1. Backups. If something gets accidentally deleted or the whims of fate fry your hard drive your work can be recovered from the repository. With distributed version control nothing short of the apocalypse can cause you to loose work-- in which case you'll probably have other things to worry about anyway.

  2. The mother of all undo buttons. Was the analysis looking better an hour ago? a day ago? a week ago? Version control provides a rewind button that allows you to travel back in time.

If you are the only person working on a project, the above two points probably outline how version control systems will affect the way you work.

The other side of version control systems is that they foster collaborative efforts by allowing people to experiment on an isolated copy or "branch" of the project material and then "merge" any positive changes back into the master copy. It also provides a means for project members to keep tabs on who's changes affected which lines of which files.

As an example, I keep all of my college coursework under version control in a Subversion repository. I am the only one who works on this repository so I never branch or merge the source-- I just commit and occasionally rewind. The ability to rewind my work reduces the risks of trying some sort of new analysis-- I just do it. If two hours later it looks like it wasn't such a good idea, I just revert the project files and try something different.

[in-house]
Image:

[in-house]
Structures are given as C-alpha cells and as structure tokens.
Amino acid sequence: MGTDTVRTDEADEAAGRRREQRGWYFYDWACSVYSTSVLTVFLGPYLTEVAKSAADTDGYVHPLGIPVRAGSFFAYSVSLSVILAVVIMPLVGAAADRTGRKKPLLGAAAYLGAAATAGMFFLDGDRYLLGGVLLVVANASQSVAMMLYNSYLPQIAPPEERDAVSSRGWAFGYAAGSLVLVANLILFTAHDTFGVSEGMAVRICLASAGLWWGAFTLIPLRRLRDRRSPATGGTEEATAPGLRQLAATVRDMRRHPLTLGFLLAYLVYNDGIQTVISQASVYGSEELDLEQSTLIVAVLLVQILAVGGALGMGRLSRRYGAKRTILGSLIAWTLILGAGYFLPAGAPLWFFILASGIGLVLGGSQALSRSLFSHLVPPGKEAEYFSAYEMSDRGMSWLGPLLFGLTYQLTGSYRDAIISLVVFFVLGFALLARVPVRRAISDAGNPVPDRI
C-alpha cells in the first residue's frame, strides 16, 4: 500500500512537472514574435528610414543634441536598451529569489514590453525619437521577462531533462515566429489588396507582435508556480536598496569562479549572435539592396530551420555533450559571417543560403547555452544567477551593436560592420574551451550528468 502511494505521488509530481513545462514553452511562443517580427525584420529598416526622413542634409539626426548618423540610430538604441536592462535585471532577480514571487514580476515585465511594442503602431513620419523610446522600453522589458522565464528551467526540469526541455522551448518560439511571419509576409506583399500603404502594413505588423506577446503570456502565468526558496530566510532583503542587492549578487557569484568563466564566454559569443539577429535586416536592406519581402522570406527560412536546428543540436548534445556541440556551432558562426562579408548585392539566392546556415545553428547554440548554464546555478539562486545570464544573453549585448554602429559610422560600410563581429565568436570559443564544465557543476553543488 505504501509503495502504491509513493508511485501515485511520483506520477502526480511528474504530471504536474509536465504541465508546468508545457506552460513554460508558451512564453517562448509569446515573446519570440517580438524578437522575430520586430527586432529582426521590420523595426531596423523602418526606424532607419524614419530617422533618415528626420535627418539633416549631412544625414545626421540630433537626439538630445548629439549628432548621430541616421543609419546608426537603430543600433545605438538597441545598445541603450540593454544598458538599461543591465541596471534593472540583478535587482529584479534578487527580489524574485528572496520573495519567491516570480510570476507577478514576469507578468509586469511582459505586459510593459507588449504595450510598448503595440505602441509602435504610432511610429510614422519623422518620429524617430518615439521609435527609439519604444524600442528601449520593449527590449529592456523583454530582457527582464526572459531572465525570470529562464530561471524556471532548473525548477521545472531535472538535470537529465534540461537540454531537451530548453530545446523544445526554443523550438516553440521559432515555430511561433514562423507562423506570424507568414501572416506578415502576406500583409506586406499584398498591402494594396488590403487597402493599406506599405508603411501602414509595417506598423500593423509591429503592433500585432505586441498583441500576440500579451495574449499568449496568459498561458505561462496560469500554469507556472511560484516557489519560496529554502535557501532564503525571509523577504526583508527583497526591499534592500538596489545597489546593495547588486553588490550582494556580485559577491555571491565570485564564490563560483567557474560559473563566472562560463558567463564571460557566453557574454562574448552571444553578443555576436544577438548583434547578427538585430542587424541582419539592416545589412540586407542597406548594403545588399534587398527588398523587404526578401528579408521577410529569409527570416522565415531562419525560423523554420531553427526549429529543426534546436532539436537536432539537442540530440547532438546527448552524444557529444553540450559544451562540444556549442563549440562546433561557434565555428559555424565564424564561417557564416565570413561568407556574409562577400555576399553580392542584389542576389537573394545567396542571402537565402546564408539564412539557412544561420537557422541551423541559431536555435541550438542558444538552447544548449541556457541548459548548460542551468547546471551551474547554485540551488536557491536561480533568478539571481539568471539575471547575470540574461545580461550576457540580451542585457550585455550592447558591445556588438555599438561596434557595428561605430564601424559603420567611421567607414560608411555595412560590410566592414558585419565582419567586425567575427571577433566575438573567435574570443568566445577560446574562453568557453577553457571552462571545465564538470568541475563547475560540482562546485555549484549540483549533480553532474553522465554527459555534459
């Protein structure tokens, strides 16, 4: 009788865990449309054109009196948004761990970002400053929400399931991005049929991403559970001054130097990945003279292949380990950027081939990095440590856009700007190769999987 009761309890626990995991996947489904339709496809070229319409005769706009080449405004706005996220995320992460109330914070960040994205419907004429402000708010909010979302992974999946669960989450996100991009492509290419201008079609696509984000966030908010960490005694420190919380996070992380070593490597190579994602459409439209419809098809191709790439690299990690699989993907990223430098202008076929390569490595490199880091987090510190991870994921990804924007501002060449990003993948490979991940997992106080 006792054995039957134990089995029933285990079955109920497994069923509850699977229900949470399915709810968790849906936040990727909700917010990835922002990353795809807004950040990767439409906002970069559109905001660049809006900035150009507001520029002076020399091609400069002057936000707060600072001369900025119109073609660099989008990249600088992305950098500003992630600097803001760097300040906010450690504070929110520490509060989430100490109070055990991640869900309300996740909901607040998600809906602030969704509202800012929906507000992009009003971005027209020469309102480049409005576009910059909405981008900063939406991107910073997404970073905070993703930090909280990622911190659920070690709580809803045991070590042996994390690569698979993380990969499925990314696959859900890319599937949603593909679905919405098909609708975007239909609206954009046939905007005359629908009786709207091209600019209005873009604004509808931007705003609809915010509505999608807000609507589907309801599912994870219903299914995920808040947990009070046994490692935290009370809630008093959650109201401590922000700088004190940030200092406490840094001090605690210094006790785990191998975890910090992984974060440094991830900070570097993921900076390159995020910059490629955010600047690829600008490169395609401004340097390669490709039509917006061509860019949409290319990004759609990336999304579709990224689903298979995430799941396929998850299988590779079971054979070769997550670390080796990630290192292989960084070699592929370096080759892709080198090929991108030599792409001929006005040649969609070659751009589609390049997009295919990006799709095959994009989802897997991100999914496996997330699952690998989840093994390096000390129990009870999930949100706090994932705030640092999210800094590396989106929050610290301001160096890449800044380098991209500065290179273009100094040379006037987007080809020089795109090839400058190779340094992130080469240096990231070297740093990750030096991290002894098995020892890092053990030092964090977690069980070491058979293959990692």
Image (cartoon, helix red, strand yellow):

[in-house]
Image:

In contrast, most all of my non-coursework package/program development is hosted under git. In this sort of a setting I frequently want to experiment on a branch while having a stable master copy available. I use git rather than Subversion in these situations because git makes branching and merging an effortless task.

The important point is that in both of these cases the structure of my repository and the workflow I use are not decided by my version control system-- they are decided by me. The only impact the version control has on my workflow is that it frees me from worrying about trying something new, deciding I don't like it, and then having to undo all the changes to get back to where I started. Because I use version control, I can follow Yogi Berra's advice:

When you come to a fork in the road, take it.

Because I can always go back and take it the other way.


I use git, myself. Local repositories, stored in the same directory as the R project. That way, if I eliminate a project down the road, the repository goes with it; I can work offline; and I don't have IRB, FERPA, HIPPA issues to deal with.

If I need added backup assurance, I can git to a remote (secured!) repository.


  • Thanks for the tips William. I extended my question more - any more input would be great. Tal
    – Tal Galili
    Feb 18, 2010 at 21:33
  • I'd have to echo Shane's comments... you can't commit too often (i.e., commit as often as you like... no harm done). The only failure is in NOT committing a change to your repository. If you want to try something, first commit, then try it... if it works, you're in a branch. If not, you can roll back to your last commit. Feb 22, 2010 at 4:54
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    When you commit, you can (and should) set a commit message to indicate what and/or why you're committing. Make those good messages! they're notes to your future self. Also, use a graphical tool like GitX on the Mac OS to be able to browse around your repository. Feb 22, 2010 at 4:56